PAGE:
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Impacts of Invasive Australian Acacias on Soil Bacterial Community Composition, Microbial Enzymatic Activities, and Nutrient Availability in Fynbos Soils

Abstract

Invasive plants often impact soil conditions, notably through changes in soil chemistry and microbial community composition, potentially leading to altered soil functionality. We determine the impacts of invasive nitrogen-fixing Australian Acacia trees on soil chemistry and function (carbon, nitrogen, and phosphorus cycling) in South Africa’s Core Cape Subregion, and whether any differences in soil function are linked to differences in soil chemical properties and bacterial community composition between neighbouring acacia-invaded and uninvaded sites. We do so by using Illumina MiSeq sequencing data together with soil chemistry and soil enzyme activity profiles. Acacias significantly increased levels of soil nitrogen (NO3, NH4+, and total N), C, and pH. Although we did not find evidence that acacias affected soil bacterial community diversity, we did find them to alter bacterial community composition. Acacias also significantly elevated microbial phosphatase activity, but not β-glucosidase, whilst having contrasting effects on urease. Changes in soil chemical properties under acacia invasion were found to correlate with changes in enzyme activities for urease and phosphatase. Similarly, changes in soil bacterial community composition were correlated to changes in phosphatase enzymatic activity levels under acacia invasion. Whilst we found evidence for acacias altering soil function by changing soil chemical properties and bacterial community composition, these impacts appear to be specific to local site conditions.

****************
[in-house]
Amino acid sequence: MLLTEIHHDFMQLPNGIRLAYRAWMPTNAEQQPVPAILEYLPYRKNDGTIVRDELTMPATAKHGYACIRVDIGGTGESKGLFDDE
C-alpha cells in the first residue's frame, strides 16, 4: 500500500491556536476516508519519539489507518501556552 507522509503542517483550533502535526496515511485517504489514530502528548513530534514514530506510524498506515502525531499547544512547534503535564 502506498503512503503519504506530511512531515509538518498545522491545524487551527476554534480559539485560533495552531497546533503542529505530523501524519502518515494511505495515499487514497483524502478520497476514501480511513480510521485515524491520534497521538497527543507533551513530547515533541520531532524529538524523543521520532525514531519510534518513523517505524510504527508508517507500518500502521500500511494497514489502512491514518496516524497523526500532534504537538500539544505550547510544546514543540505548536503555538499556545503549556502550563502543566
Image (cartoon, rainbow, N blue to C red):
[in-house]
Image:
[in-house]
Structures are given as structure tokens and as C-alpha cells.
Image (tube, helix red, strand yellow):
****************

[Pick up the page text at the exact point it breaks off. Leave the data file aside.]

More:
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Acknowledgements

The authors wish to thank Angel Valverde for assistance and advice regarding next-generation sequencing methodologies, as well as all the various landowners and managers who generously allowed us to sample on their properties. Specifically, we would like to thank Sean and Michelle Privett from Flower Valley, Simon and Shawn Graaff from Koude Vlakte, Peter Borain from Vermaaklikheid, Jacques van Rensburg from Vergelegen Wine Estate, and Russel Metcalf from Walshacres. Finally, the authors wish to thank Nkoliso Magona and Florencia Yannelli for assistance with field and lab work.

Funding

This research was funded by the South African National Research Foundation (grant nos. 93591 to JLR; 89967, 109244, and 109683 to CH). AN acknowledges funding from EXPRO grant no. 19-28807X (Czech Science Foundation) and long-term research development project RVO 67985939 (The Czech Academy of Sciences).

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Correspondence to Jan-Hendrik Keet.

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Keet, JH., Ellis, A.G., Hui, C. et al. Impacts of Invasive Australian Acacias on Soil Bacterial Community Composition, Microbial Enzymatic Activities, and Nutrient Availability in Fynbos Soils. Microb Ecol 82, 704–721 (2021). https://doi.org/10.1007/s00248-021-01683-1

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Keywords

  • 16S rDNA
  • Australian acacias
  • Enzyme activities
  • Fynbos
  • Invasion
  • Soil function
  • Soil microbial ecology